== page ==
On May 2, Microsoft completed its transition from Hotmail to Outlook.com, and a couple weeks later revealed that users can now chat with Gmail contacts from within their Outlook.com account. Now users are being faced with another change, one that isn't being as well received by some users: the elimination of linked accounts in favor of aliases.
The change is being made for security purposes, according to Microsoft, which says that using aliases instead is a better, more secure way to manage more than a single email address. The reasons are numerous, but can be narrowed down to the easy access linked accounts provide for hackers and other individuals who gain access to the main Outlook.com account.
Likewise, says Microsoft, users tend to ignore regular password updates and other maintenance on accounts that aren't their primary one (in this example, that would be the Outlook.com account). As such, those accounts are easier to compromise, and once accessed, can make it easy to gain access to the Outlook account, which then could likewise give access to all the services it is tied to.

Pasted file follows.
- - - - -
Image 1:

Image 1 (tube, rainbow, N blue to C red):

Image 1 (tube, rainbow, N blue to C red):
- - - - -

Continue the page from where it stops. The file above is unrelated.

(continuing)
As those who use the service know, there is already a security feature in place that is supposed to help protect against this issue: if various sorts of suspicious activity are noted on the account, all linked accounts are auto-unlinked to help protect them. Microsoft says that it doesn't believe this is enough to keep its users secure, however.
In order to make the change easier on its users, Microsoft has added both a mail forwarding feature and the ability to send emails from a secondary account, which, in combination with forwarding, lets users receive and send mail from their main account. Users will begin seeing notifications about the change by the end of the week, with the linked accounts slated for unlinking "in late July".